"There's a bit of a shock that happens afterward, when the party is over and all of a sudden a marriage begins and there are all of these unanswered questions," says Kim Perel of New York City, who co-edited Wedding Cake for Breakfast: Essays on the Unforgettable First Year of Marriage, out in May, featuring reflections by 23 women. "Many couples are living together now before they get married, and they think nothing will change, but really, marriage does change things."
Caitlin Grady, 27, also of New York City, married her husband, Ted, on Sept. 24 and says she has been surprised at how different being married has felt.
"Now that we're married, it has mellowed me out. I feel so calm now in our relationship and our life that I haven't felt before," she says. "I didn't expect it to be different, but it is."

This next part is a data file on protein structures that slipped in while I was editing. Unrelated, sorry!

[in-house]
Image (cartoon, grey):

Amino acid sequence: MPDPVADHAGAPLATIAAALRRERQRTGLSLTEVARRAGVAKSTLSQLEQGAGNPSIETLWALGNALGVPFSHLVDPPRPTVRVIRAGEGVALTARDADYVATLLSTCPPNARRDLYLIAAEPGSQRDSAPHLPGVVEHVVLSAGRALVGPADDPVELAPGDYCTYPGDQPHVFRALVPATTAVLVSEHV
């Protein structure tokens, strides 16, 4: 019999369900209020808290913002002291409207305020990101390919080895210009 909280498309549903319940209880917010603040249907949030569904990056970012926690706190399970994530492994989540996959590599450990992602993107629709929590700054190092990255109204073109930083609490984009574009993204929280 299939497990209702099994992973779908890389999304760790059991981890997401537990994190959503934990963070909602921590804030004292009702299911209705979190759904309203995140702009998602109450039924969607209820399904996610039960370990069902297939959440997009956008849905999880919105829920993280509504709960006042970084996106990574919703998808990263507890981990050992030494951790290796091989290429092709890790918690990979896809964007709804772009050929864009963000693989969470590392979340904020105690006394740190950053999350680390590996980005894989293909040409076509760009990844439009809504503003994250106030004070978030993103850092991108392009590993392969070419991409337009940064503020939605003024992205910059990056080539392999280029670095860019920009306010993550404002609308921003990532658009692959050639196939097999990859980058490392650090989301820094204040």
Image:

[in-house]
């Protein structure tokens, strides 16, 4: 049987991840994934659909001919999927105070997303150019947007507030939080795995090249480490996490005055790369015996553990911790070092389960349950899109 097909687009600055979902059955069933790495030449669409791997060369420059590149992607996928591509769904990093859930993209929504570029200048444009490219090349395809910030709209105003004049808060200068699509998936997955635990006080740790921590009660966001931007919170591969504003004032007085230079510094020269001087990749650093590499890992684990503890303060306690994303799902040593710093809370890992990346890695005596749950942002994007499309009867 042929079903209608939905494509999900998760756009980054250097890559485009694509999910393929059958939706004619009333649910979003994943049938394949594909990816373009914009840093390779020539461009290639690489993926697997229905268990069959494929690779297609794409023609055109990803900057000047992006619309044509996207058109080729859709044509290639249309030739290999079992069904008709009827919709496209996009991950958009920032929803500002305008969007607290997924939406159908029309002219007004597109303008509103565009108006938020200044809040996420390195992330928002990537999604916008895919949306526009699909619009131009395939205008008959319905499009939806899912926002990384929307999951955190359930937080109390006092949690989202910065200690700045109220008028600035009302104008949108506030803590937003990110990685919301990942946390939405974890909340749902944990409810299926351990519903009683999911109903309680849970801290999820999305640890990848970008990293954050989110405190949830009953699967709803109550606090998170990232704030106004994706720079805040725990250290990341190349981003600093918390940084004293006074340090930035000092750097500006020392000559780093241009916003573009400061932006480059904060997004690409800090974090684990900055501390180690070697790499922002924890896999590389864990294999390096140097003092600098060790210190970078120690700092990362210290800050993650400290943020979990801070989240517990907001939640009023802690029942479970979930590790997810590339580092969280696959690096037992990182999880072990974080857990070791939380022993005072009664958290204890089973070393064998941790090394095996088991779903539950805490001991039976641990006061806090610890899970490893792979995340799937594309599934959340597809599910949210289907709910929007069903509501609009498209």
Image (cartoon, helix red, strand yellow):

5 tips for couples
Don't let stress sabotage your relationship, says Thomas Bradbury, co-founder of the UCLA Relationship Institute. His advice:
- Get stress on your radar. Learn to recognize when your partner is feeling stressed, and cut him or her some slack.
- Step up. When your partner is tired and stressed, that's your signal to step up and do more around the house, Bradbury says. "But if you crow about helping, you are making your partner feel worse, not better."
- Build a firewall. Partners in healthy relationships "know how to prevent ordinary frustrations from spilling over to erode the good feelings that they have for one another," Bradbury says. "So build a firewall around all of the great things you and your partner share, and protect them against minor annoyances."
- Strengthen the foundation. Good relationships are fundamentally about two people taking care of each other. Figure out what your partner needs to feel secure and happy and do your best to give it to them, and on their terms, not yours.
- Get active. If stress is eating away at your relationship, get on your feet and invite your partner to a walk, a class or a movie.